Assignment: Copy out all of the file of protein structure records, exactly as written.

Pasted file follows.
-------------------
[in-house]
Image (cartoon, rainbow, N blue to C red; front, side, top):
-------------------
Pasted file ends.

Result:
[in-house]
Image (cartoon, rainbow, N blue to C red; front, side, top):